(2)   The next generation should ideally do #1 in service to the church (particularly for those who teach Christian ethics to those training for ministry) and for the larger academy. (Yes, the first part of my statement assumes that those who teach Christian ethics will ideally identify as Christian and have vested interests in how Christians as a community comport themselves; I recognize that many will not share this assumption. For what it’s worth, I would say the same thing about Jewish ethics and Muslim ethics–that they should ideally be taught by persons with parallel and respective normative commitments).

(3)  The next generation should themselves know, and should know how to teach others about, the various ways that Christian convictions can map onto, connect, inform, or even challenge conversations in the broader society. (There is a large body of scholarship on this). Anecdotally, few things frustrate me more in my students when they believe or act as if legal questions exhaust moral ones or when they confuse law and public policy with Christian ethics (e.g., when they are so committed to keeping abortion safe and legal that they have done little to no theological reflection on what distinctive contribution Christianity can make to such discussions).

(4)  They should also know #1 and #3 insofar as those discussions are not only in conversation with, and distinct from, (secular) philosophical approaches, but also the same with respect to other religious ones. This latter point is tied not simply to the practical-institutional point of equipping the next generation to be competitive on the job market, but also to a pastoral concern of meeting people’s real needs (i.e., given the rise of children growing up in interfaith marriages, the reality of people who either claim multiple religious belonging or who are open to receiving the wisdom of multiple traditions).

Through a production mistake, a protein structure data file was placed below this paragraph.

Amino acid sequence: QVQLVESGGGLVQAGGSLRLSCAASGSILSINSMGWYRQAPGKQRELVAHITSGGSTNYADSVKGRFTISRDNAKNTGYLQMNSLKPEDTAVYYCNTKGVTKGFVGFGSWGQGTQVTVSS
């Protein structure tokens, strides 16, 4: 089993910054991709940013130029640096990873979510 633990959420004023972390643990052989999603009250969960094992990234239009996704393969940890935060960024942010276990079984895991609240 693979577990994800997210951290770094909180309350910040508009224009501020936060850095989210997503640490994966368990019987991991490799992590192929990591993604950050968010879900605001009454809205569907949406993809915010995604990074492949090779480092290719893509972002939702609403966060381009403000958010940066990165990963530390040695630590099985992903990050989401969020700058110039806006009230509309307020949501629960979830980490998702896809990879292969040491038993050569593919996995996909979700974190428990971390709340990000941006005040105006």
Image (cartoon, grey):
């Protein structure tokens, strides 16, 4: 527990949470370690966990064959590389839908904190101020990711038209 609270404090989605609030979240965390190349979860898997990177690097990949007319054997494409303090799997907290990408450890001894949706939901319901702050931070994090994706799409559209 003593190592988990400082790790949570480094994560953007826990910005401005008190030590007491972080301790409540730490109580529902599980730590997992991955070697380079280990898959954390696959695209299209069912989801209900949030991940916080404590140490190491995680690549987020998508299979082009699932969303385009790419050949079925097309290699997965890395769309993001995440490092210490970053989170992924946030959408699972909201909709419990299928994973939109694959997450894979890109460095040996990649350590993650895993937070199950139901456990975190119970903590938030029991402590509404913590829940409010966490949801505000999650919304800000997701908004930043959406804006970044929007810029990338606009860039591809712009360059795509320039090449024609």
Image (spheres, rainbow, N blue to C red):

I then closed my submission by offering two practical suggestions:

(1)  Collect syllabi for courses in Christian Ethics, so as to help our junior colleagues who must teach such courses for the first time and also to serve as a launching pad for discussion of what we consider canonical or otherwise important

(2)  College/discuss bibliographies of reading lists of what we take the intellectual tradition of Christian ethics to be, so as to help grad students who are forming their own bibliographies for their qualifying exams and also to serve as a springboard for discussion of what constitutes the field

To reiterate, these are not the conclusions of the SCE 2020 task force, only the views that I’ll be bringing to the table (and thus are themselves liable to change upon further reflection and discussion). What do you think of my submission? What do you envision as the future of Christian Ethics?

Grace Yia-Hei Kao is Associate Professor of Ethics and Co-Director of the Center for Sexuality, Gender, and Religion at Claremont School of Theology. She is the author of Grounding Human Rights in a Pluralist World (Georgetown University Press, 2011) and is working on two book projects–one on Asian American Christian Ethics, the other on a theological exploration of women’s lives.

Categories: Academy, Ethics

Tags: , ,

2 replies

  1. Very interesting, if entirely abstract. How do you propose that Christians act ethically when they’re dealing with people who are not Christians?


  2. Care and concern for other people and the web of life are values to which all people should ascribe. If it does not require fear of God, salvation through Christ, or the example of Jesus to get us there, then I would view the contribution of religions as secondary, not primary in the teaching of ethics. First on my list would be the relational nature of reality and the connection of all people and all beings in the web of life.